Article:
Colombia travel advice

Despite improvements in security, crime rates remain high in Colombia. Illegal armed groups and other criminal groups are heavily involved in the drugs trade and serious crime including kidnapping (for ransom and political purposes), money laundering and running extortion and prostitution rackets.

Drugs, organised crime and terrorism are inextricably linked. Control of the drugs trade is a major driver of much of the armed conflict. In 2013, the UN noted that coca cultivation in Colombia had decreased. However, there was still evidence of high levels of coca cultivation in the following Departments in Colombia: Pacific Region (Departments of Chocó, Valle Del Cauca, Cauca and Nariño), Central Region (Departments of Cesar, Antioquia, Santander, Cordoba, the southern area of Bolivar and Norte De Santander), as well as the Departments of Putumayo, Caquetá, Meta and Guaviare. There is a risk to your safety in any area where coca, marijuana or opium poppies are cultivated and near to cocaine processing labs.

Illegal armed groups and criminal gangs are active in all of the Departments where coca is cultivated, processed or transported, as well as in many cities. The risk is particularly significant in rural areas adjacent to the borders with Panama, Venezuela and Ecuador; in the Parque Nacional Natural de La Macarena in the Department of Meta; and the port towns of Buenaventura in the Department of Valle de Cauca, Turbo in the Department of Antioquia and Tumaco in the Department of Nariño.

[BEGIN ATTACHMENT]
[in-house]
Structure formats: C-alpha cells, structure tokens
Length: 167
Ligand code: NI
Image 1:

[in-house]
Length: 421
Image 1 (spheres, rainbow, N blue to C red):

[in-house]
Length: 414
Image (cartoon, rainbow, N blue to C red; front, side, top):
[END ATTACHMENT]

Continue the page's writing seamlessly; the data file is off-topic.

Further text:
Street crime is a problem in major cities, including Bogota, Medellin, Cali and Santa Marta. Mugging and pickpocketing can be accompanied by violence. British nationals have been robbed at gun point in the Candelaria area of Bogotá. Be vigilant, particularly if you are in public places used by foreigners, or near official buildings. Avoid deprived areas of cities. Take care on city streets, especially after dark or if you are on your own. Don’t carry large amounts of money or wear valuable watches or jewellery. Avoid using your mobile phone in the street.

Reports of criminals in Colombia using drugs to subdue their victims are frequent. This includes the use of scopolamine, which temporarily incapacitates unsuspecting victims. Drugs can be administered through food, drinks, cigarettes, aerosols and even paper flyers. Victims become disoriented quickly and are vulnerable to robbery, sexual assault and other crimes. Avoid leaving food or drinks unattended and don’t take anything from strangers.

Where possible, plan how you will travel to and from your destination. Only use pre-booked taxis. Be wary if you are approached by a stranger. Assailants have used drugs to subdue their intended victims. These drugs can take effect extremely quickly, allowing a criminal to rob the victim and escape before the attack can be reported. Never accept offers of food, drink or cigarettes from strangers no matter how friendly or well-dressed a person appears.

Express kidnappings – short-term opportunistic abductions, aimed at extracting cash from the victim – also occur. Victims can be targeted or selected at random and held while criminals empty their bank accounts with stolen cash cards. Most cases in major cities involve victims that have been picked up by taxis hailed from the street. There have been incidents where those who have resisted the kidnappers’ demands have been killed.

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